Increased vascular endothelial growth factor production in the lungs of rats with hypoxia-induced pulmonary hypertension

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Animals; Anoxia; Blotting, Northern; Capillary Permeability; Endothelial Growth Factors; Hypertension, Pulmonary; Immunohistochemistry; In Situ Hybridization; Lung; Lymphokines; Male; Pulmonary Alveoli; RNA, Messenger; Rats; Rats, Sprague-Dawley; Receptor Protein-Tyrosine Kinases; Receptors, Growth Factor; Receptors, Vascular Endothelial Growth Factor; Time Factors; Vascular Endothelial Growth Factor A; Vascular Endothelial Growth Factors


Life Sciences | Medicine and Health Sciences


Vascular endothelial growth factor (VEGF) is a potent mitogenic and permeability factor targeting predominantly endothelial cells. At least two tyrosine kinase receptors, Flk-1 and Flt-1, mediate its action and are mostly expressed by endothelial cells. VEGF and VEGF receptor expression are upregulated by hypoxia in vivo and the role of VEGF in hypoxia-induced angiogenesis has been extensively studied in a variety of disease entities. Although VEGF and its receptors are abundantly expressed in the lung, their role in hypoxic pulmonary hypertension and the accompanying vascular remodeling are incompletely understood. We report in this in vivo study that hypoxia increases mRNA levels for both VEGF and Flk-1 in the rat lung. The kinetics of the hypoxic response differ between receptor and ligand: Flk-1 mRNA showed a biphasic response to hypoxia with a significant, but transient, rise in mRNA levels observed after 9-15 h of hypoxic exposure and the highest levels noted after 3 wk. In contrast, VEGF mRNA levels did not show a significant increase with acute hypoxia, but increased progressively after 1-3 wk of hypoxia. By in situ hybridization, VEGF mRNA was localized predominantly in alveolar epithelial cells with increased signal in the lungs of hypoxic animals compared with controls. Immunohistochemical staining with anti-VEGF antibodies localized VEGF peptide throughout the lung parenchyma and was increased in hypoxic compared with normoxic animals. Furthermore, hypoxic animals had significantly higher circulating VEGF concentrations compared with normoxic controls. Lung vascular permeability as measured by extravasation of Evans Blue dye was not significantly different between normoxic and hypoxic animals, although a tendency for increased permeability was seen in the hypoxic animals. These findings suggest a possible role for VEGF in the pulmonary response to hypoxia.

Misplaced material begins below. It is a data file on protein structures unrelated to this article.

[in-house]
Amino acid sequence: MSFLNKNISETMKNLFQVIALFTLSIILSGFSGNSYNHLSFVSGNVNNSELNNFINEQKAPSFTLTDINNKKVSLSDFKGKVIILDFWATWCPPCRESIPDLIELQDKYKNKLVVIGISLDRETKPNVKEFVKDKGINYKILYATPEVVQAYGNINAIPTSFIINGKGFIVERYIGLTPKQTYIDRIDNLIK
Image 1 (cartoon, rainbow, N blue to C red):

Am J Respir Cell Mol Biol. 1998 Jun;18(6):768-76.

Journal/Book/Conference Title

American journal of respiratory cell and molecular biology


Medical student Victoria Arthur participated in this study as part of the Senior Scholars research program.

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